The past, as we have been told so many times, is a foreign country where things are done differently. This may be true – indeed it patently is true when it comes to morals or customs, the role of women, aristocratic government and a million other elements of our daily lives. But there are similarities, too. Ambition, envy, rage, greed, kindness, selflessness and, above all, love have always been as powerful in motivating choices as they are today. This is a story of people who lived two centuries ago, and yet much of what they desired, much of what they resented and the passions raging in their hearts were only too like the dramas being played out in our own ways, in our own time …
It did not look like a city on the brink of war; still less like the capital of a country that had been torn from one kingdom and annexed by another barely three months before. Brussels in June 1815 could have been en fête, with busy, colourful stalls in the markets and brightly painted, open carriages bowling down the wide thoroughfares, ferrying their cargoes of great ladies and their daughters to pressing social engagements. No one would have guessed that the Emperor Napoleon was on the march and might encamp by the edge of the town at any moment.
None of which was of much interest to Sophia Trenchard as she pushed through the crowds in a determined manner which rather belied her eighteen years. Like any well brought-up young woman, especially in an alien land, she was accompanied by her maid, Jane Croft, who, at twenty-two, was four years older than her mistress. Although if either of them could be said to be protecting the other from a bruising encounter with a fellow pedestrian, it would be Sophia, who looked ready for anything. She was pretty, very pretty even, in that classic blonde, blue-eyed English way, but the cut-glass set of her mouth made it clear that this particular girl would not need Mama’s permission to embark on an adventure. ‘Do hurry, or he’ll have left for luncheon and our journey will have been wasted.’ She was at that period of her life which almost everyone must pass through, when childhood is done with and a faux maturity, untrammelled by experience, gives one a sense that anything is possible until the arrival of real adult- hood proves conclusively that it is not.
‘I’m going as fast as I can, miss,’ murmured Jane, and, as if to prove her words, a hurrying Hussar pushed her backwards without even pausing to learn if she was hurt. ‘It’s like a battle- ground, here.’ Jane was not a beauty, like her young mistress, but she had a spirited face, strong and ruddy, if more suited to country lanes than city streets.
She was quite determined in her way, and her young mistress liked her for it. ‘Don’t be so feeble.’ Sophia had almost reached her destination, turning off the main street into a yard that might once have been a cattle market but which had now been commandeered by the army for what looked like a supply depot. Large carts unloaded cases and sacks and crates which were being carried to surrounding warehouses, and there seemed to be a constant stream of officers from every regiment, conferring and sometimes quarrelling as they moved around in groups. The arrival of a striking young woman and her maid naturally attracted some attention and the conversation, for a moment, was quelled and almost ceased. ‘Please don’t trouble yourselves,’ said Sophia, looking around calmly. ‘I’m here to see my father, Mr Trenchard.’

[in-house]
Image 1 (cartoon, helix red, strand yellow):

A young man stepped forward. ‘Do you know the way, Miss Trenchard?’
‘I do. Thank you.’ She walked towards a slightly more important-looking entrance to the main building and, followed by the trembling Jane, she climbed the stairs to the first floor. Here she found more officers apparently waiting to be admitted, but this was a discipline to which Sophia was not prepared to submit. She pushed open the door. ‘You stay here,’ she said. Jane dropped back, rather enjoying the curiosity of the men.
The room Sophia entered was a large one, light and commodious, with a handsome desk in smooth mahogany and other furniture in keeping with the style, but it was the setting for commerce rather than Society, a place of work not play. In one corner, a portly man in his early forties was lecturing a brilliantly uniformed officer. ‘Who the devil is come to interrupt me!’ He spun round, but at the sight of his daughter his mood changed and an endearing smile lit up his angry red face. ‘Well?’ he said. But she looked at the officer. Her father nodded. ‘Captain Cooper, you must excuse me.’
‘That’s all very well, Trenchard –’ ‘Trenchard?’
‘Mr Trenchard. But we...